- Email supplemental material (optional). If you have supplemental material for your book, e.g., diagrams, glossary, bibliography, you can email it to the ACX support team.
Again, before you can start your audiobook, you must set up an author account. The setup is similar to ACX (tax and banking info and such).
To set up your audiobook:
- Enter the metadata. Findaway lets you enter much more metadata than ACX does, including among other things, categories and keywords, ISBNs, the copyright owner, and the price (see the next section for a discussion of pricing).
- Upload the audiobook files (MP3s). As with ACX, upload the files and adjust the descriptions as needed.
- Upload the book cover. Again, square.
- Upload supplemental material (optional). Findaway lets you upload one PDF of supplemental material (easier than remembering to email it!).
- Choose where to distribute. Findaway provides a long list of retailers you can distribute to. You can use the default, which selects them all, or you can select specific retailers.
- Submit for review. Findaway too says it will take approximately ten business days for technical review, and that it can take twenty to thirty days for your audiobook to become available for sale on retail sites.
Pricing and Royalties
Two related topics—pricing and royalties—can cause some head-scratching.
If you’re an indie author, you’re probably used to setting your own prices on KDP and IngramSpark. Of course, a retailer can choose to sell your book for a price higher or lower; nonetheless, you get to determine the suggested retail price.
One of the oddest things in audiobook pricing: ACX does not let you set your price! Instead, it sets prices based on the length of the audiobook—and does not give any indication of the price before you submit your audiobook for sale!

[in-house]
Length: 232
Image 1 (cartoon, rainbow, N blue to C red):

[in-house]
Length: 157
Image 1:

- under 1 hour: under $7
- 1–3 hours: $7 to $10
- 3–5 hours: $10 to $20
- 5–10 hours: $15 to $25
- 10–20 hours: $20 to $30
- over 20 hours: $25 to $35
Findaway, on the other hand, lets you choose not only a retail price but also a library price, which is often higher. And, it suggests an appropriate price for each. Additionally, Findaway allows for launch pricing and promotional pricing, if you are interested in that.
The royalties you receive are influenced by the price of your audiobook, whether you paid for narration up front or chose a royalty-sharing arrangement, and, with ACX, whether you are exclusive or not.
Both ACX and Findaway offer royalty-share arrangements, with payments dependent on a number of factors. If you choose one of these arrangements, be sure you understand the details and obligations. The rest of this section assumes you paid up front.
With ACX you get a choice of being exclusive to ACX, which pays a 40% royalty, or non-exclusive, which pays a 25% royalty. The higher royalty might sound enticing, but it means your book is available only on Amazon, Audible, and iTunes—three big markets, but not all.
Findaway acts as a distributor so that you as an author don’t have to create individual accounts on each audiobook platform (remember, there are loads of them). As a result, they take a 20% cut of what you would get in royalties if you went direct. So if the direct royalty is $5, you would get 80%, or $4. Since Findaway is owned by Spotify, however, you get 100% of the royalties from sales on that platform.
Ready to record?
With audiobooks on the rise, even if you’re not quite ready to jump in, it’s a good idea to understand your options. We’ll update this article periodically as we learn more about audiobooks and as platforms evolve. If you have questions, let me know and I’ll do my best to incorporate the answers in future updates.
For more audiobook tips and tricks, check out “How to Publish an Audiobook: Practical, Tactical Tips,” a case study with client Matt Holten, author of Moneyless Society: The Next Economic Evolution.